Politics, government and public life for Southern California

California Senate passes bill to clear up state laws on medical pot

Medical Marijuana

Bear Guerra/KPCC

Cody Blake, an employee at Perennial Holisitic Wellness Center in Studio City, displays one of the dispensary's popular marijuana strains. The state legislature is seeking to put current guidelines for dispensaries into law.

California’s Senate passed a bill Monday that would shield pot collectives and their employees from prosecution for possession or sale of medical marijuana.

"We want to create more certainty where little or none exists now," said Senate Pro Tem Darrell Steinberg (D-Sacramento), who wrote the bill.  Steinberg hoped it  would at least provide “a vehicle for some sort of understanding with the federal government.”

The federal government does not recognize state laws that allow the sale or possession of medical marijuana. The U.S. Justice Department periodically targets clinics, especially those it believes are operating as commercial businesses. 

Senate Bill 439 would put into statute a set of guidelines California’s Attorney General issued in 2008 that defines the kind of operations allowed under Prop 215 — California’s Compassionate Use Act.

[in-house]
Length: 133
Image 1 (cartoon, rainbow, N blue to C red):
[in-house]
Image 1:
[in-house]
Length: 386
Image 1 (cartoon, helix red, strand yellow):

While that won't prevent the federal government from prosecuting pot dispensaries, Steinberg thinks it might discourage them. Steinberg insisted that local governments would retain their authority to ban pot shops or regulate their operations — a right California’s Supreme Court reaffirmed just this month. 

Republican Jim Nielsen (R-Gerber) doubted that local jurisdictions will retain that authority. He said SB 439 would legalize for-profit sales of medical pot — not what Californians voted for when they voted to allow limited medical use in 1996.

Neilson blamed the proliferation of medical pot sales for “huge problems in our communities."

The California Narcotics Officers' Association and the California Police Chiefs Association opposed Steinberg’s bill. The American Civil Liberties Union and the Drug Policy Alliance supported it.

Senators voted 22-12 to pass Steinberg’s bill, mostly along party lines. 

The bill now heads to the Assembly.

 

 

 

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